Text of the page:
This is a good question because the ball band of the yarn stated “hand wash” but there was also a hang tag attached to it that stated “machine wash in cold water.” Interesting!

I checked out the details for the yarn on the Fleece Artist website, and there too it states machine washable. So that’s what I’ll do. But I will wash them on the delicate cycle, and air dry them, like all my handknit socks.

Speaking of “all my handknit socks,” Monika commented:
I can’t help but wondering, what are you doing with all the socks you knit? Are you wearing them once and throw them away so you can wear the next pair?

Ha, ha, very funny. I currently have 9 pairs of handknit socks. I have given away a bunch of socks that I made.

But ask me again in a year.

Lucy sez:


Please pity me, for as you can see, I lead a very tough life.

Sock Talk

Fleece Artist sock yarn, how I love thee.


In answer to comments questions, I purchased my Fleece Artist sock yarn from this online store: Simply Socks Yarn Company. And let me say right now, it is a very dangerous place to visit. So much sock yarn! Gasp! They’ve got a very nice selection of Fleece Artist sock yarns and they have the new Interlacements Tiny Toes.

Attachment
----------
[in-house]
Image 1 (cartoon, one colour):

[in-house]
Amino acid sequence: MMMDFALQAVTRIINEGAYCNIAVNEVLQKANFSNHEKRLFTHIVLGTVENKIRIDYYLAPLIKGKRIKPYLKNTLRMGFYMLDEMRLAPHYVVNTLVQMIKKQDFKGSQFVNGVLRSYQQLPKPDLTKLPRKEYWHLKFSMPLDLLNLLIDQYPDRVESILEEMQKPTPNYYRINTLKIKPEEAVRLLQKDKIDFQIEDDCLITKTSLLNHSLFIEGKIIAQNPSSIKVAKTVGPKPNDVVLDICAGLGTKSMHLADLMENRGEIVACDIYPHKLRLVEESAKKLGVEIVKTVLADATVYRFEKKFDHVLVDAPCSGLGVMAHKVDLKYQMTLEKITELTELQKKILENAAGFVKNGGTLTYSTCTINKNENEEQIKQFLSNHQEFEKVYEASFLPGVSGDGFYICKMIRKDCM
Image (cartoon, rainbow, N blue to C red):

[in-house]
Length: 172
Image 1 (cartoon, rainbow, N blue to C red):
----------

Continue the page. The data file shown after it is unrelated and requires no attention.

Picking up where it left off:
Yeah, I bought some Tiny Toes, too.

But back to Fleece Artist. Knitting it, it reminds me of the Claudia Hand Painted sock yarn. I am knitting it on size 0 needles, as per usual.

By the way, the Sock Hop sock yarn I’ve got will need to be knitted on a larger needle than a zero — I tried a swatch on a 0 and it’s too dense. I’m thinking mebbe a 2.


As you can see, The sock is now past the mushroom cozy stage. But hey! What a great use for leftover bits of sock yarn: mushroom cozies. Or shitake slipcovers? Chanterelle chausettes?

Okay, I’ll stop now.

And the aran vest progressed as well, albeit slowly.

But there’s enough of it now to see the cable.


It’s creeping along, though — the row gauge is something like 10 rows to the inch. But it is highly satisfying knitting. Even if there is a whole heckuva lot of moss stitch through which I must slog. Moss stitch: hate to knit it, love to look at it!